PhotoThere may come a day when every child born in the U.S. is issued a smartphone as he or she leaves the hospital. Otherwise, how are they going to be able to cope?

Deloitte garnered some attention for its newly released 2015 Global Mobile Consumer Survey with this factoid: if you added up all the times all U.S. consumers look at their smartphones in a single day, you'd get a number around 8 billion.

Increasingly, we're looking at these devices when we are also engaged in other activity – like driving, working, talking to a friend, shopping, or watching television.

In its analysis of the data, Deloitte researchers conclude that consumers are more distracted than ever before. In fact, this year's survey results show unprecedented levels of multitasking while interacting with mobile devices.


The most common use of a smartphone is still sending and receiving text messages. Upon waking, 17% of smartphone owners say they check their phones before doing anything else.

Before turning in for the night, 13% of smartphone users say they look at their phone one last time.

According to Deloitte, consumers have no intention of ever switching off their smartphones.

Then again, they might if something else came along.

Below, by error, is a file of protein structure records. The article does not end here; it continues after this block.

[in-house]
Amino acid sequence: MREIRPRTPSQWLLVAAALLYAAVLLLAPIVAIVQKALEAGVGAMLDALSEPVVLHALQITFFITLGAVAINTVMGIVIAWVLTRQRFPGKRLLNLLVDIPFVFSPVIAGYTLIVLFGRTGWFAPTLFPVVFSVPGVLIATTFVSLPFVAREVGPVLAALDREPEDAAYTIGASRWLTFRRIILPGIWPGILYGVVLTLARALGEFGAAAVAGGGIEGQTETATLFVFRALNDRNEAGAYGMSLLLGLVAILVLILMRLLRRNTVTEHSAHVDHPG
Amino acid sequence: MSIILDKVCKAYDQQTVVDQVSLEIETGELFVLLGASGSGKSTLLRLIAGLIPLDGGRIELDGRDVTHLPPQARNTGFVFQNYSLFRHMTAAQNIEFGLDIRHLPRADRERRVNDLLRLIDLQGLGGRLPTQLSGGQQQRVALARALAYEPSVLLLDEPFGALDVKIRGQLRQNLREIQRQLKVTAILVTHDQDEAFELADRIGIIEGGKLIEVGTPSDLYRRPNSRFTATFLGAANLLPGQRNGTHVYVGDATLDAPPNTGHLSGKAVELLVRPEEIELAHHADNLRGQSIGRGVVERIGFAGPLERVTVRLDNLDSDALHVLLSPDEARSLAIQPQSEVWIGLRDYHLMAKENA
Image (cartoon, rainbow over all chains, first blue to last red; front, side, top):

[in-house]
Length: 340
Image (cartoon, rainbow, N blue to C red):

Replacing smartphones with AI

In its Hot Consumer Trends of 2016, Ericsson Consumerlab holds out the prospect that artificial intelligence (AI) might completely replace smartphones within the next five years.

The report notes that the screen age began in the 1950s, with television. Then computer screens were added to the mix. Now smartphones are a constant fixture.

But screens are an old technology. Consumers constantly complain about the small screens on their devices and the speed at which the batteries run down.

“The contradictory demands for power-draining larger screens and a longer battery life however, highlight a need for better solutions, such as the use of intelligent assistants to reduce the need to always touch a screen,” the authors write. “In fact, 85% of smartphone users think wearable electronic assistants will be commonplace within 5 years.”

Bring it on

In fact, smartphone users appear to be all in for a switch to AI capabilities. Half of those surveyed would like to be able to talk to their household appliances as though they were people.

They would also like to see AI take over many common activities, such as searching the net, getting travel directions, and as personal assistants.

What isn't exactly clear is what such a device or interface would look like. But you can be sure that somewhere, engineers are working on it.

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